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This article was published on November 12, 2020

The Xbox Series S and X launch games reviewed

The Xbox Series S and X launch games reviewed
Nino de Vries
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Nino de Vries

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Nino de Vries is TNW's Social Media Editor. Say hi. Nino de Vries is TNW's Social Media Editor. Say hi.

It’s the biggest week in years for gamers across the globe, as both Microsoft and Sony are releasing their next generation of consoles. A console is only as good as the games that are available on it, so here are (almost) all the Xbox Series S and X games rounded up.

At the launch of the previous generation devices, the PlayStation 4 dominated the Xbox One in terms of horse power. You’d often see games running in lower resolutions, or at worse framerates, on the Microsoft console. The power difference was corrected with the launch of the Xbox One X back in 2017. Microsoft proudly proclaimed that the One X was the most powerful console on the market, and games did indeed run a lot better on the One X compared to its competition.

This generation, Microsoft is coming out of the gates with a split approach.

On the low end, it’s launching the Xbox Series S (pictured on the left), a $299 console made for 1080p screens. We haven’t gotten our hands on the Series S yet, but it looks cute and seems to do what it says on the tin. Be wary of the smaller HDD though, it only has 362GB of storage available, which could become a problem down the line.

The storage space is expandable but it’ll come at a price, as all these new consoles rely on expensive NVMe SSD hard drives. These are amazing for load times, but a 1TB upgrade will set you back $220, which is more than the price difference between the Series S and the Series X.

On the high-end, there’s the $599 Xbox Series X. A fat little tower that is eight times more powerful than the Xbox One X according to Microsoft. We’ve had our hands on the final hardware for a couple of weeks now and you can read Rachel’s full review here, but the tl;dr is that this console is an absolute beast. Like the PS5, it packs a one terabyte hard drive, that should have enough space for most consumers.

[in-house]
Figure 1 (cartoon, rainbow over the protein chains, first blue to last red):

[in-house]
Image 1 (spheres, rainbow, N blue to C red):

Unfortunately, there are not a lot of games available at launch for these new Xbox consoles. It’s all ports of games that are available on the old consoles, running at higher resolution and with higher graphical fidelity. That doesn’t mean there’s nothing to play on them though, here’s the full list of everything we’ve been playing so far:

Gears 5 

Rachel: This year-old game proves to be a treat on the new Xbox, with stunning visuals and gorgeous character models. I loved this game because it finally made Kait the main character she was always intended to be, but I’m not a fan of its attempt to be more open-world. You can read my full review here.

Compared even with the PC release, the Series X version of the game has so much more visual bloom. It’s locked at 60FPS, which makes the combat feel even more snappy. This feels like the version of the game we were meant to play, and I’m almost sorry it wasn’t saved as a launch game for the next-gen release.

Next-gen enhancements: 4k60 with improved textures and effects, 120FPS mode for multiplayer, faster load times
Upgrade path: Free upgrade via Smart Delivery
Price: $39.99, or included with Game Pass
Also available on: Xbox One and PC

Yakuza: Like a Dragon